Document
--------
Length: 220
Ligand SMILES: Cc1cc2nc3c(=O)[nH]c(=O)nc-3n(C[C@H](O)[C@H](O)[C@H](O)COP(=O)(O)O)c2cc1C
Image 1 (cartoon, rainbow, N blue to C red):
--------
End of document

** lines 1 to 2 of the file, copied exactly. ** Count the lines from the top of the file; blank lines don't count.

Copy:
Length: 220
Ligand SMILES: Cc1cc2nc3c(=O)[nH]c(=O)nc-3n(C[C@H](O)[C@H](O)[C@H](O)COP(=O)(O)O)c2cc1C